Nomination, H.I. Feldman Prize
As we delve deeper into the realm of the digital, the linear process of production is no longer relevant. Material goods have depreciated in value and knowledge has become the new currency. Innovations and ideas are bought and sold. Material manifestations are secondary and are often designed to provide even more data with which to generate ideas - through user generated content, user data, and other information based inputs. Naturally, the traditional boundaries of the academy, business, and industry are blurring in order to accommodate this new paradigm. Cornell Tech is in this business of knowledge creation.
However, the breakthrough of this industry did not coincide with a new model for workplace design. The corporate open plan is still prevalent. There is a desire to connect with the physical world by naturalizing and domesticizing. Astroturf, fake greenery, and informal meeting spaces are ubiquitous.
The long Main Street of this campus and large ‘shopfronts’ allow for connections to occur, not only with colleagues, but also with the public and the city of New York. The residential units and design labs are optimized in scale and arrangement to accommodate a new way of working and a connection with the living world. But perhaps most importantly, the campus is infrastructure. One that is adaptable to fluctuations in both ideology and climate change.
In a contemporary coastal city, the ground and buildings need to be active performers in the negotiation between water and land. This project envisions the ground as a piece of infrastructure that protects against storm-surge and directs rainwater. Bridgeport’s coal-fired power plant is phased out and replaced by a new power plant embedded in a public park built with “spoils” dredged from the softened east bank of the Pequonnock River. The “headland” created by this dramatic new topography amps up Bridgeport’s underlying structure as a peninsula landscape. Private investment in the power plant is leveraged to enable a new hardened edge on the Pequonnock’s west bank. The swapping of rail and highway creates a previously overlooked site for new residential development, protected by the remnants of the rail line reborn as a recreational greenway. The result is a reorientation of downtown Bridgeport to its third waterfront, the Pequonnock River.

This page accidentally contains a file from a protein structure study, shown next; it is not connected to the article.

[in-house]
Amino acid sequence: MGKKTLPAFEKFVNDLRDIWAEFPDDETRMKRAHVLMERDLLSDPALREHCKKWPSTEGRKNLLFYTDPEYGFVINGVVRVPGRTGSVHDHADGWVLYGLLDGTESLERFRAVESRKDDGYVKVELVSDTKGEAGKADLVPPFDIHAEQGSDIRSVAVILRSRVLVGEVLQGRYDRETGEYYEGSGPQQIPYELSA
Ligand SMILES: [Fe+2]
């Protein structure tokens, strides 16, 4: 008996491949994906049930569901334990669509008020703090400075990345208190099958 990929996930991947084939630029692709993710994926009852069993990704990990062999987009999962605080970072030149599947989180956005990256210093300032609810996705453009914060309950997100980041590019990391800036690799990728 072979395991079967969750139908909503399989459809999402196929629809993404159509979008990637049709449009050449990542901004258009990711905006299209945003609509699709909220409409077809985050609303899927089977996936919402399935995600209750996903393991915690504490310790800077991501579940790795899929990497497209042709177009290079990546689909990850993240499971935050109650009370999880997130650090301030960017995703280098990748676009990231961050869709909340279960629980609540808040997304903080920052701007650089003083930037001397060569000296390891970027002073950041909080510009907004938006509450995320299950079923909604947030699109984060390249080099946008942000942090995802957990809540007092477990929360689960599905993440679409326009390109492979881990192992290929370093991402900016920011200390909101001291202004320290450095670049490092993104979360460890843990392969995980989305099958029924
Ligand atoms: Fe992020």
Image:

Visualization IV: E-1027 House
After the earth heaved, the morning light revealed that Gray's vision of streamline glass had cracked, its interior open to the salty air. The deck was bestrewn with falling beams and the mast broken, no longer proud. Below, waves clapped a dirge for The House by the Sea.
Visualization III: White Dragon
Our final project called for a site specific installation that complimented the formal language of the predominantly vertical front entry stair of Rudolph Hall. The installation mediated two scales - human experience and the building's larger context. Parametric design was used to generate the curved underside of the paper canopy into a straight line across the top. The form was then placed on a colonnade of ascending posts up the stair, inviting interaction and allowing mobility.
Architectural Design: Dwelling Code
Infrastructure in a home is akin to a computer’s operating system. A collection of hardware – water supply, waste removal, heating and cooling, ventilation, lighting, network connections, and sound barriers – service the resident’s biological needs and psychological well-being. Applications of the home – producing, connecting, eating, sleeping, and cleaning – draw on these technical systems in order to function. In other words, the dwelling code does not solely depend on spatial relationships, but also the relationship between spaces and their hardware. Applications can then be multiplied or adapted according to family structure and environmental conditions. A minimal dwelling condenses its hardware into a single unit to support the surrounding rooms and activities.
Class contest drawing